Robin and her partner Diane Olson have been called the Rosa Parks of the lesbian and gay civil rights movement. Tyler et al versus the County of Los Angeles made history, not only as the catalyst for the State Supreme Court’s decision granting equal marriage rights, but also for the ruling granting gay men and lesbians legal minority status for the first time in history.
As leaders in this fight and original plaintiffs in this case, the County of Los Angeles gave Robin and Diane the only marriage license issued on Monday, June 16, 2008, the evening before licenses were available to the public at large. That made them the first same-sex couple to be legally married in California.
On June 27, 2008, the City of Los Angeles honored Robin and Diane with a special community service award for being original plaintiffs in this monumental case. In addition, the City Council unanimously voted for June 16, their wedding day, to be forever known as “Marriage Equality Day” in Los Angeles.
As we all know, the fight is not over. On the day after passage of Proposition 8, the ballot measure banning gay marriage, Robin and Diane filed a personal suit asking the State Supreme Court of California to overturn this homophobic initiative.
Robin will speak about how she got the courage to be a pathfinder in the fight for marriage equality, and tell us how we can work effectively for LGBT civil rights.
Come meet and honor this courageous woman, and listen to her inspirational story.
Download Flyer for this event: Color / Black and White
January 19th, 2011 / 7:30 p.m.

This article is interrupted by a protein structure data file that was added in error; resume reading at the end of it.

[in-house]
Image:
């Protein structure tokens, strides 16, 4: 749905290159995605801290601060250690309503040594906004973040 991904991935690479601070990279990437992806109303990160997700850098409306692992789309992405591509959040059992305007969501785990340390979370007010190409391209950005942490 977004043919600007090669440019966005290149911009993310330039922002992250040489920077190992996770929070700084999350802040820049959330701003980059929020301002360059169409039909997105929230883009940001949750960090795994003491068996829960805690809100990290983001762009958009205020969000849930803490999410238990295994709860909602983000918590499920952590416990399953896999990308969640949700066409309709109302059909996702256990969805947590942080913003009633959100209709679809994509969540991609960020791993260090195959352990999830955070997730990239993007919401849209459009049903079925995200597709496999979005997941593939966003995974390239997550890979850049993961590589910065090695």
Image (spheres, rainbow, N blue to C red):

Queer Questions Straight Talk
— Author Abby Dees talks about how to ask and answer those difficult questions
The “Don’t Ask, Don’t Tell” policy is gone from the United States military, but it is still alive and well in many families and friendships. Moms and dads, brothers and sisters, cousins and friends have questions for their LGBT family members and friends, but are often silent because they don’t know how to ask them.
At the same time, LGBT individuals may find themselves answering the same questions over and over or having to respond to an awkwardly phrased and sometimes offensive query.
How do we bridge the communication gap so that real friendship and intimacy can grow in relationships? With humor and compassion, Abby Dees suggests some practical ways to start a dialog—even if the questions are clumsily raised.
Dees is a civil rights attorney and editor for St. Lynn’s Press who has been actively involved in lesbian, gay and bisexual rights and awareness work for 25 years. She believes tolerance can come about through effective communication, and that’s what inspired her to write Queer Questions Straight Talk (QQST). She's gathered this information through her own life experience and also by conducting many hours of interviews with a wide variety of people. Abby feels QQST can help both LGBT individuals and also their straight loved ones who are wanting to support them.
In addition to her civil rights work and her writing, she is closely involved with the Los Angeles chapters of the Human Rights Campaign, the Trevor Project (gay teen suicide prevention), and the San Francisco office of the National Center for Lesbian Rights.
She understands the importance of having an emotional support system from family and friends when one is dealing with sexual identity issues. Abby will speak on her own coming out process and the role her own family and friends played and continue to play in her life. Abby feels blessed that this is a support system she carries with her even now as her mother Cathy was the editor for Queer Questions Straight Talk.
Come to the January meeting of PFLAG Los Angeles and learn how to ask and answer those nagging questions. –See how communication can be the key to understanding and living a fulfilled life for both LGBT persons and their families.
Johnson & Johnson